Another legacy from Apple’s Steve Jobs

Many words have been put together in praise of Steve Jobs. I must confess that I have already done so in my facebook page and thought of doing so in this blog. But, allow me to do so in a slightly different way.

Before I bought my first Apple Mac, I had two PCs, one of which was the original IBM personal computer. Wow, what I paid for it then would buy me super computing power. 20 MB hard drive and 512 kB of RAM and a floppy drive. With a printer it cost me around $6700 in 1986. A lot of money then and compared to what you get for that sum, still a lot now.

And, I will never forget the sales guy asking, “do you really need that much RAM?” This was when 252 kB was a lot. Remember that only a few years previously 512 kB in a main frame was considered very good. But, I digress.

What I did with the computer is pretty much what we all tend to do now: word processing and spreadsheets. I looked at desktop publishing and wasn’t quite convinced with what was on offer. In the end, I went for the familiar and settled on a typesetter, complete with processor, with the chemicals to develop bromides. Again, I digress.

Well, this preamble brings me my first encounter with the Apple Mac. It was a Mac IIx, I think. The actual machine was not that important. What is important is the software, which only ran in the Mac then. It was Quark Xpress. This was desktop publishing that was pretty much WYSIWIG, and at a price that was within reach.

Previously, I looked at Ventura, which I believe ended up as Pagemaker, the precursor to InDesign. I also looked at ReadySetGo. Not bad, but what impressed me was a PC-based software which had very good WISIWYG but cost something like $5000 just for the software. I’m glad I didn’t go with that, as Quark Xpress has been the platform, I’ve carried through the years.

So, in 1991, I got my first Apple Mac. And, I have stuck with Quark, despite their really crazy pricing. Anyway, they came to their senses some 10 or so years ago. Most probably this was because of the pressures brought to bear by Adobe, with In Design. Again, I digress.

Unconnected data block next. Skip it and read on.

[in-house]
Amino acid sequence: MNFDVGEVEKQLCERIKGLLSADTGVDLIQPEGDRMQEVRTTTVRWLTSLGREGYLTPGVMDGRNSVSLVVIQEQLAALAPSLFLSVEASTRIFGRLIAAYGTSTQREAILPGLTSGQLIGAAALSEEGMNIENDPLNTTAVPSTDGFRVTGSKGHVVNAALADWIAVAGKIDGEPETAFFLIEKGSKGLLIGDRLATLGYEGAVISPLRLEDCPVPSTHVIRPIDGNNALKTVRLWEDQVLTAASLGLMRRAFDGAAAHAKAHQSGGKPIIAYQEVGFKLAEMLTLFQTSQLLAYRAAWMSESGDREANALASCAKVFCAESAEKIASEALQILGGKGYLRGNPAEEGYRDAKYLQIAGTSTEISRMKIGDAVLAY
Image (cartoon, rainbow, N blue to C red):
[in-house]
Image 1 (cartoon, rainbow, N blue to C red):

Quark eventually went to the PC a few years later, but I have stuck with the Mac platform for DTP. I admit to getting a number of PCs through the years, but none of these were used for desktop publishing.

Now, to Steve Jobs. In one of his career/life’s moves, he studied calligraphy. Great. His love for this led him to appreciate typography and printing, including one of the many things involved in this industry which was measurement. Printing used the Imperial foot as a measurement. More importantly was the unit called pica

Pica is a typographic unit corresponding to 1/72 of a foot. Hence, the pica is 1/6 of an inch. The pica has 12 points (units) of measure.

So, where is this heading. Well, let’s cut to the chase. The Apple monitor to this day uses this measurement. Not as picas, but pixels. Hence, this consideration was front of mind for Jobs when he developed the first Apple Mac. Admittedly, it was a small screen (7”) but it had 72 dots per inch (dpi). This closely matches the printing measurement.

Believe me that this was very important to us doing typesetting. And, the legacy today is the look of the monitor more closely resembles the printed page. Note that PC monitors are on the main 96 dpi. I won’t go into the differences, other than to alert you dear reader of the differences in color for Mac monitors compared to PCs. The latter’s images appear darker.

Anyway, Jobs’ forward thinking helped place Apple Macs as the tool of choice in DTP for a long time. A legacy that continues today.

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